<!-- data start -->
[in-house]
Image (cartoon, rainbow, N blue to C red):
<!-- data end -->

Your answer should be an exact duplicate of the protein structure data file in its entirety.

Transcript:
[in-house]
Image (cartoon, rainbow, N blue to C red):